A little difference in lap times...


Sunday – It’s all on uphill from here

After Saturday’s fun, no doubt a few people enjoyed a trip to Soundpony… for tradition’s sake, of course. Being the “good(y two-shoes)” bike racers we called it an early night and nerded out in preparation for Sunday’s race and the Koksijde World Cup. The temps on Sunday were a little more pleasant, with less wind and a higher overall temp. This time I only needed the leg warmers for warm-up! =D

On a side note: the day started wonderfully, watching Sven conquer the sandy World Cup round in Koksijde, Belgium. If you haven’t watched the race or seen the highlights, I highly recommend you check it out! Probably the most exciting race of the year, so far (no slight to the JPow vs Hyde battle in Louisville)! But I digress…

Sunday’s course was another one that required an open throttle. Set mostly on a hillside, the course was suited for those with a good power to weight ratio and/or lots of power in general. My legs weren’t totally trashed from Saturday but they certainly weren’t feeling the greatest. Either way, with several punchy climbs and the same power-sucking grass as Saturday, Sunday was going to be a hard race too!

Nope. The camera isn't tilted. That's a big ole hill

Readying ourselves for call ups the head official decided to mix things up a bit on the order. I guess there was some kind of technical glitch that wouldn’t allow them to print but the official made due by establishing his own order. Two Oklahoma riders. Two Arkansas riders. Two from Texas (Rob & I). And two recently upgraded riders. Maybe the official was in the mood to play out a Noah’s Ark scenario??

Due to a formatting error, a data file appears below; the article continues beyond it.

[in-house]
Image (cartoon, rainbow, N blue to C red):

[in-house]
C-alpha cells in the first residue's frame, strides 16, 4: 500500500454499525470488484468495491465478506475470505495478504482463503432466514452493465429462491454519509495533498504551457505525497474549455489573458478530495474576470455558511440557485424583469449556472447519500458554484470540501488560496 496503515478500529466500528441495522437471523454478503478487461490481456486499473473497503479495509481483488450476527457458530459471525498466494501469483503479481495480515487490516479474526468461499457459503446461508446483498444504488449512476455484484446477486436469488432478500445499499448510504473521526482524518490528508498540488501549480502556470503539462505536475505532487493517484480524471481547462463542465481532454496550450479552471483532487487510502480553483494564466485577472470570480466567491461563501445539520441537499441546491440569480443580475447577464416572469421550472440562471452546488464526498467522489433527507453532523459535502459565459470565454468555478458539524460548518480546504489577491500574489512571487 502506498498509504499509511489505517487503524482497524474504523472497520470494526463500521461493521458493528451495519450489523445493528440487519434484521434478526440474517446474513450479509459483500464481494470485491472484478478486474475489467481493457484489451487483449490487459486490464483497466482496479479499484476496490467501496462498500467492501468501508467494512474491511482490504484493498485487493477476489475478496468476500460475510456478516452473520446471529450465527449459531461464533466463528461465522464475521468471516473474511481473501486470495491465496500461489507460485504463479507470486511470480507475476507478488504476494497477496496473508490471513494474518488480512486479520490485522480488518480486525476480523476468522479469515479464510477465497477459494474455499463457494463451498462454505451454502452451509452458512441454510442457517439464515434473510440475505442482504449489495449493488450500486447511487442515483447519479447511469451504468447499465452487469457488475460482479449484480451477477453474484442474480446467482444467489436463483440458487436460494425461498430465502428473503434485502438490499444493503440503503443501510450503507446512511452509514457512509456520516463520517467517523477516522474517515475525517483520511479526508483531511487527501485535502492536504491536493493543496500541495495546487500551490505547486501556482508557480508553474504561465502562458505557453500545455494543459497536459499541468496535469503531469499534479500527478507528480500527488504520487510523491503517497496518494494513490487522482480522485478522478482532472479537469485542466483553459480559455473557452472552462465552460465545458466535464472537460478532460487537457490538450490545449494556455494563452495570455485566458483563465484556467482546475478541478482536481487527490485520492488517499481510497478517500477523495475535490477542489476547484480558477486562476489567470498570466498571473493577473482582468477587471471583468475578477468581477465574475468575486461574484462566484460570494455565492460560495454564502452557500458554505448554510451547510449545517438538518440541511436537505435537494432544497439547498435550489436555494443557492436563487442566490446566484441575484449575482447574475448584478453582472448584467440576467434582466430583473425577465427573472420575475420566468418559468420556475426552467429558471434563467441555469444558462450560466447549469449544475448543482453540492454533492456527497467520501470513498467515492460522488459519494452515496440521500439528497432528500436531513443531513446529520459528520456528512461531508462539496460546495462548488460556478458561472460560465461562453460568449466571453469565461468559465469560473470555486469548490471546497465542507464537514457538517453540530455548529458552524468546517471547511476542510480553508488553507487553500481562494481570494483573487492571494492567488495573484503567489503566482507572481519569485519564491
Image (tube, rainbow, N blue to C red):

The whistle blew and I missed my pedal and sent me backwards in the field. The race strung out pretty quickly as we hit the grass and I did my best to move up as quickly as I could. Jake Lasley (SPCX p/b RK Black) took over at the head of the race and proceeded to ride us all off his wheel. Though it seemed like we were holding the gap pretty steady, it wasn’t long before Jake shifted to the next gear up (probably just 3rd gear) and put us all in our place.

In front of me John Purvis & Gerald Drummond (DSCC) took off in a two-man time trial after Jake. Again I was hesitant about pushing the needle too far too early and settled into my own rhythm in 4th place. I kept the gap somewhat close for a lap or two, but as the lap counter ticked down, it was harder and harder to push myself.

Riding in no man’s land is a hard place. Generally, you aren’t really gaining time and you might not be losing it either. So you often find yourself in this mental struggle to ride faster but not blow up. This was very much my state for the last 6 laps of the race and again I started watching the rearview mirror rather than focusing on the race ahead.

Entering the bell lap, the officials stood in the road and told me that I was done.

“What?! I’m in 4th!” I shouted back.

I’m not sure why they would try to pull me, perhaps out of pity. But I ignored them and finished out the lap, maintaining my place just off the podium. You never know what can happen in cyclocross! So don’t quit until the race is truly over.

Though I wasn’t able to grab a podium spot this time around, I felt like I had a good weekend of racing and it was certainly a good test of my current form. Now it’s a good time to focus on family and resting before taking on the UCI swing at Ruts and Guts!

Happy Thanksgiving!